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Wed, 11 Dec 2019
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Was Bristol Channel hit by a tsunami?

On the occasion of the 400th anniversary of Britain's largest natural disaster, the author of 2001's prophetic book Tsunami: The Underrated Hazard (Cambridge University Press) reveals strong new evidence that the Bristol Channel was devastated by a tsunami on January 30, 1607. On that day, historical accounts describe a storm in the Bristol Channel, flooding more then 500 km2 of lowland and killing 2,000 people.


Evil Rays

As drought worsens, Australian cattle scour roadsides for food

GOULBURN, Australia - As Australian farmer Philip Bell coaxed his cattle along the road, a bystander nodded toward a straggler ambling behind the rest of the herd searching for an overlooked tussock of grass.

Attention

Hurricane force winds blow through north Texas

Violent thunderstorms packing hurricane-force winds tore through North Texas on Wednesday evening, slamming trees into homes, toppling tractor-trailers and leaving hundreds of thousands without power.

©Michael Ainsworth / The Dallas Morning News
Ferocious winds caused an 18-wheeler to flip at Joseph Hardin and Ledbetter drives in southern Dallas.

Attention

Reality hits! Honeybee Die-Off Threatens Food Supply

Unless someone or something stops it soon, the mysterious killer that is wiping out many of the nation's honeybees could have a devastating effect on America's dinner plate, perhaps even reducing us to a glorified bread-and-water diet.

Comment: The figure of 15 billion dollars that the bees add to the food supply as quoted above is slightly misleading as $15 billion is not that much in comparison to war budgets etc. That figure is however based on current food supply levels that works based on supply/demand. When supply drops, demand increases and prices go up.

So when you are faced with eating just bread and water, you will see how misleading a monetary amount can be. The alarm bells should be ringing.

For more on bees see Here


Cloud Lightning

Giant Dust Storm Blows Over Khartoum

These bizarre images show a gigantic cloud of dust billowing over an African city.

The dust storm - known as a "Haboob" - gathered over Khartoum, the capital of Sudan in north east Africa yesterday.

©AP

Attention

Survey to pinpoint moths' decline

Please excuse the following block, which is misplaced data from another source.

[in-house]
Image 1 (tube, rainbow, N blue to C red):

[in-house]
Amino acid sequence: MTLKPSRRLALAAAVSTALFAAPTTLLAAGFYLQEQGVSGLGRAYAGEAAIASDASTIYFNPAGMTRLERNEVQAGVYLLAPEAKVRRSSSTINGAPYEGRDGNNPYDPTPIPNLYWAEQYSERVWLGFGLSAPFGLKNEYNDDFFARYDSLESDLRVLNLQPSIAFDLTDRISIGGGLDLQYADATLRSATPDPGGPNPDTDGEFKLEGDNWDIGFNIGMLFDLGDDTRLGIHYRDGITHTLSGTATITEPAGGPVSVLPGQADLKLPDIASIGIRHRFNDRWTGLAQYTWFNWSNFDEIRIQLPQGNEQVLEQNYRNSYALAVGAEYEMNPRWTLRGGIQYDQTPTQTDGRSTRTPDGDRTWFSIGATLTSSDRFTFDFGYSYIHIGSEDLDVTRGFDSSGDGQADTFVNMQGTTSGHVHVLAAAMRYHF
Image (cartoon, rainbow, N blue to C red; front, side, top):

A national recording scheme that aims to catalogue what species of moths in the UK face an uncertain future is being launched by conservationists.

©
Scientists are unable to pinpoint the reason for the moths' rapid decline

Bizarro Earth

Ebola-like virus killing fish in Great Lakes

A deadly Ebola-like virus is killing fish of all types in the Great Lakes, a development some scientists fear could trigger disaster for the USA's freshwater fish.

Cloud Lightning

Over 160 homes flooded, 750 people evacuated in Urals

Over 160 apartment buildings have been flooded and more than 745 people evacuated in Russia's industrial Urals region of Chelyabinsk, local emergencies officials said Tuesday.

"Torrential rains since late April 29 have raised the water level in the Sim river resulting in floods in the towns of Asha, Minyar and Sim," officials said.

In the three towns of the region - which is located in the watershed of the large rivers of Volga, Ural and Tobol - 166 homes have been flooded and 745 people evacuated. About 30 kilometers of the road linking Sim and Minyar have been flooded too.

Bizarro Earth

Pacific whale decline 'a mystery'

Grey whales in the eastern Pacific appear to be in some trouble, with the cause far from clear, scientists say.

Researchers with the conservation group Earthwatch found that whales are arriving in their breeding grounds off the Mexican coast malnourished.

The same thing happened just after the 1997/8 El Nino event, which warmed the waters and depleted food stocks.

Bizarro Earth

Surprise Surprise! Arctic melt faster than forecast

Arctic ice is melting faster than computer models of climate calculate, according to a group of US researchers.

Since 1979, the Arctic has been losing summer ice at about 9% per decade, but models on average produce a melting rate less than half that figure.

The scientists suggest forecasts from the Intergovernmental Panel on Climate Change (IPCC) may be too cautious.

The latest observations indicate that Arctic summers could be ice-free by the middle of the century.